Monday, October 02, 2006

Get Ready to Pay to Play in Venice

As the following article says, a tourist tax may be coming to visitors to Venice. It's fine with me; I don't mind paying for the privilege of spending time in Venice. I think people who come in for the day should be charged 10 euro!

Venice prepares to tax tourists--Mayor says it's the only way city can stay afloat (ANSA) - Venice, October 2, 2006

Venice Mayor Massimo Cacciari said on Monday that a tax on tourists visiting the lagoon city was definitely on the cards.

Cacciari said that 2007 budget plans approved in Rome this weekend by the centre-left government appeared to contain practically no funds for Venice, either for routine work or special projects such as the Moses flood barriers.

But it does contain a provision for 'city taxes', allowing municipal authorities to impose a levy of up to five euros a night on tourists.

This could prove a useful way of lessening Venice's cash problems, Cacciari said.

"We'll see what form to give it but it was inevitable that we would move in this direction. We'd already decided on something like this anyway," Cacciari said.

The mayor said his administration has already discussed such a toll with representatives of the tourism sector, who agreed that it was necessary if the city was to deal with the volume of tourism it now attracts.

Some 15 million people visit Italy's most romantic city every year, bringing in cash but also stretching its infrastructure and resources to the limit.

"The money from this tax must be used to improve services, for example transport or street cleaning," Cacciari said, adding that on Saturday the council would discuss possible approaches.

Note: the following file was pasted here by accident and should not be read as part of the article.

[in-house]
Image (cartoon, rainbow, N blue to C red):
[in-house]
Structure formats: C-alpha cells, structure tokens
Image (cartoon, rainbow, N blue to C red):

Venice receives special funding from the Italian government partly because of its status as an important city of culture and tourism, but also because of the specific problems connected to the fact that it is gradually sinking into the lagoon. Certain important restoration initiatives are also paid for by Save Venice, a New York-based organisation which collects funds from people who love the city and want to preserve it.

Cacciari complained that the government's new budget seemed to have ignored projects which had already been approved in the area of restoration work and home building for Venice's inhabitants.

"To keep the current projects going we need at least 100 million euros," he said.

He also said the government had "gone silent" on the matter of the Moses flood barrier system devised to protect the city from increasingly frequent high tides.

Part of the costly system is already in place and, in the wake of recent opposition to it, urgent decisions need to be taken on whether it should continue, the mayor said.

These decisions could only be made if the government organised meetings immediately with experts and local administrators, he said.

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